time management bucket list
Bucketlist by Glenn Carstens-Peters ( @glenncarstenspeters ) via Unsplash

Managing Time: Execute your plan with Time Boxing

In the time management process, execution is the hardest part. When you've a detailed plan to spend your tracked time in a wise manner, the next step is to put your plan into action. And you do this by using a tool called Time Boxing

So what is Time Boxing anyway?

It is a planning tool that's a hybrid of a calendar and a to-do list. It is somewhat like preparing schedules of meetings with yourself by setting the agenda, setting the time, and showing up on time prepared to work. The benefit of this is that you can take advantage of any efficiencies because it helps you assemble similar tasks that are either of high priority or less importance.

Most often, when we create a to-do list of tasks, we create it arbitrarily. And we blindly try to accomplish whatever is on top of the list without following or thinking about the most logical or efficient sequence. And thus the value, importance, and priority level of each task is not taken into account. So we end up from one activity to the next in a random manner.

Time Boxing helps prevent that kind of randomness and brings the following:

  • Accountability. There's a best chance of making sure you'll give the right amount of time to your most important task, if you schedule in advance and figure out how long you're going to work on a task.
  • Efficiency. More done in less time. How? Group similar tasks together. No change of gears between tasks.
  • Healthy Pressure. You are more likely to push yourself ahead and get the task done, when you know you only have a set amount of time to accomplish that task.
  • Focus. Setting time constraints will make you able to keep your attention on the task at hand.
  • Time Awareness. Being on the clock will help you attain focus and be productive. And you'll less likely give away that time to other activities.
  • Effectiveness. Setting a time limit will help you to supress or kill the urge to spend too much time on less important things and details and make you effective in spending more time on the bigger picture instead.

And how do you set up your time boxes?

The following is how you create your time-boxing system. And the table below that shows an example. 

  1. Review your week.
  2. Prioritize the items on the list
  3. Estimate time for tasks
  4. Slot time boxes into your calendar
  5. Review your estimates 


The example table below is taken directly from this book.

Time-boxing tool - Adapt this to any type of calendar or software program.


Time  Monday  Tuesday
8:00 a.m. Task: Research strategic plan (SP)
Actual time spent:
Task: Research SP; call Joe
Actual time spent:
9:00 a.m. Task: Monday staff meeting
Actual time spent:
Task: Follow up on new leads
Actual time spent:
10:00 a.m. Task: Plan to delegate invoicing task
Actual time spent:
Task: Meet with Joe about his sales figures
Task: Review resumes for administrative assistant position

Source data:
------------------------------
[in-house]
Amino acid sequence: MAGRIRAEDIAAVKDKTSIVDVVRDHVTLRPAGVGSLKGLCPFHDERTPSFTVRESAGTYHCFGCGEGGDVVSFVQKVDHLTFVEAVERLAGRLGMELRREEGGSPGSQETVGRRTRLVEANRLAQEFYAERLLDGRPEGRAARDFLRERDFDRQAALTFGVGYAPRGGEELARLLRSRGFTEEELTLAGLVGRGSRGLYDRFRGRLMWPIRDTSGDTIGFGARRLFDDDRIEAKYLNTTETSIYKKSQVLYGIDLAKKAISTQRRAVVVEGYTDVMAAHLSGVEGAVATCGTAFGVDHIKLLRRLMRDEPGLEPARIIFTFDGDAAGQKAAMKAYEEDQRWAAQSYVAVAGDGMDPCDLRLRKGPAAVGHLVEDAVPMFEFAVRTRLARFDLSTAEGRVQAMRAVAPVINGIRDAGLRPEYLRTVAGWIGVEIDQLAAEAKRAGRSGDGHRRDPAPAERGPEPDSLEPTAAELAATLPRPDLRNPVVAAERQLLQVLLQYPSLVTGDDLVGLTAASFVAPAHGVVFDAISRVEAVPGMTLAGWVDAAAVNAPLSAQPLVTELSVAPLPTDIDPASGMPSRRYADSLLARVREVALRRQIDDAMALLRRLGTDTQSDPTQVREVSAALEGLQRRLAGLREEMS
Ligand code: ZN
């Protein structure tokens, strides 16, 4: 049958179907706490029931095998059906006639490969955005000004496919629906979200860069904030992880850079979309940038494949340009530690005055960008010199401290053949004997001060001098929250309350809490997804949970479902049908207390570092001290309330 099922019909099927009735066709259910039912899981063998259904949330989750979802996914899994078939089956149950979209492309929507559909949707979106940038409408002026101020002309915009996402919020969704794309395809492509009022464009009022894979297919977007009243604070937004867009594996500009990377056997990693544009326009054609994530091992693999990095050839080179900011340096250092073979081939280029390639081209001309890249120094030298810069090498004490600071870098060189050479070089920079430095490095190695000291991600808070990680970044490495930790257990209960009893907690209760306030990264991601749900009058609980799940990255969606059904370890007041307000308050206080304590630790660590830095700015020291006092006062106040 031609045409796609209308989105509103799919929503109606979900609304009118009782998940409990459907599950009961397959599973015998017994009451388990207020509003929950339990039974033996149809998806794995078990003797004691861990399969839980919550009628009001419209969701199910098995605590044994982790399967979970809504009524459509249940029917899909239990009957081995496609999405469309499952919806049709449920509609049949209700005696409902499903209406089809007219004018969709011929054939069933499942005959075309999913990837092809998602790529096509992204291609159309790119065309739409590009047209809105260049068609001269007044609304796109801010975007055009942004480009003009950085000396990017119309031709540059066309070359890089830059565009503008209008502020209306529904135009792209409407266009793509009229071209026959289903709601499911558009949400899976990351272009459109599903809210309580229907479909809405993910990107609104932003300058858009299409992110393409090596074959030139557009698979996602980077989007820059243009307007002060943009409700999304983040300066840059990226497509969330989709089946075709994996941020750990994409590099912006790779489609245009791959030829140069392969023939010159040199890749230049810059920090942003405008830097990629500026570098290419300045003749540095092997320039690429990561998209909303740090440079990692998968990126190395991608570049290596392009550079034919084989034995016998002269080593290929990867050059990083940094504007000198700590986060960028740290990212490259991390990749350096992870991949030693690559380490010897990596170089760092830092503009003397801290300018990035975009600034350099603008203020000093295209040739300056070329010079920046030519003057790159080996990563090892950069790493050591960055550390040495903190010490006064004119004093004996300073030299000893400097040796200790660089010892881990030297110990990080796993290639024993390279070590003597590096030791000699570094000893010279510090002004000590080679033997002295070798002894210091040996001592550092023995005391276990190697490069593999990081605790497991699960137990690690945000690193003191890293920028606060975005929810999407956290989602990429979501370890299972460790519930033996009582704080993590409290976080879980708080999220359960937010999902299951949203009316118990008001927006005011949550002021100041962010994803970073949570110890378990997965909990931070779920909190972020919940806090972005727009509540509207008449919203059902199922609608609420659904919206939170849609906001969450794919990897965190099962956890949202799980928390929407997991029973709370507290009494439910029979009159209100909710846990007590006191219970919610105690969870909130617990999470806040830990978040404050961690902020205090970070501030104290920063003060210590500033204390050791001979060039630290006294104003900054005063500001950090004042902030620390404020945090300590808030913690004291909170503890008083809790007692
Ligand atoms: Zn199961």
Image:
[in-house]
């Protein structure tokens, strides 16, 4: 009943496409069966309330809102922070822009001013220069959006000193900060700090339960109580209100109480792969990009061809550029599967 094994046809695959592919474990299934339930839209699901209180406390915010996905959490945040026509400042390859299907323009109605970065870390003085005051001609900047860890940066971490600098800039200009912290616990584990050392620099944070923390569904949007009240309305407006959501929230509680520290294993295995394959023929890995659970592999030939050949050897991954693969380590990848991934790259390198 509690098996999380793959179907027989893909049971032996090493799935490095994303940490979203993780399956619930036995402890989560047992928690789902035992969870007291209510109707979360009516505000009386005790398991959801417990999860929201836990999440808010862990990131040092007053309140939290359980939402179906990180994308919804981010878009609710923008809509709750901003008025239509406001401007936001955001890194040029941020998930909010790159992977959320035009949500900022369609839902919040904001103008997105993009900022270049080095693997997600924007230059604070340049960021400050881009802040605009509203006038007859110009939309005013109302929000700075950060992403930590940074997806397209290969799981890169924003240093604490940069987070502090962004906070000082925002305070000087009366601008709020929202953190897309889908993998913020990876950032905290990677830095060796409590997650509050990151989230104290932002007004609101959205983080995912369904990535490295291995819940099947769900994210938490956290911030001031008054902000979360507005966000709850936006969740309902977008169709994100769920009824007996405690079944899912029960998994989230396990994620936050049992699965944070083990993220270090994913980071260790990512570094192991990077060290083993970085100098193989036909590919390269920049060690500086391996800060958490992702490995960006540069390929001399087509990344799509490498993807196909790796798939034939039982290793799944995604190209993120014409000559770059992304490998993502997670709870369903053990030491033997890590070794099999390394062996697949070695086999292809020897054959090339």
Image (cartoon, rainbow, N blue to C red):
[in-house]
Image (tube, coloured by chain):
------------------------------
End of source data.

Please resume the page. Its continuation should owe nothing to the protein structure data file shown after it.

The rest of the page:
Actual time spent:
11:00 a.m. Task: Return phone calls and emal messages
Actual time spent:
Task: Work with Jane
Actual time spent:

So finally the ways to prioritize tasks

The most critcal questions to ask when setting up a daily schedule? Which task to do first, second, and so on? If we can think this through, we can prevent spending more time on things that matter less.

Prioritizing our tasks will simplify our decision-making process and we can make better decisions on a more consistent basis.

If you have ever come across or read the book 7 Habits of Highly Effective People by Stephen R. Covey, you might have seen the following two-by-two matrix:

Stephen R. Covey
Time management Quadrant - Stephen R Covey

So the thing to do is deciding if an item on your to-do list or a new task is urgent (needs to be done soon) or not-urgent, and whether it's important (will have a big impact) or unimportant. And finaly apply the following preestablished rules.

  1. Urgent and important: High priority tasks. The crises and deadlines to deal with throughout the week. These should always be our highest priority.
  2. Not urgent but important: Tasks with high impact but not time sensitive. These are the tasks to the long term goals. These tasks need to be made second priority because since they are not urgent, enough time to not devoted for them.
  3. Urgent but less important: Quickly need to be done tasks but they have a lower impact if not done or late. You need to consider and think about the impact not only on you but also on the your group or organization. These should be your third priority.
  4. Not urgent and less important: It is as the name says. Not urgent and don't require any immediate attention. Must always be of last priority.

Conclusion: The right work at the righ time. This can be achieved if you use these priorities  to help guide your schedule. 


The above article is an excerpt from a book by Harvard Business Review Press called Managine Time.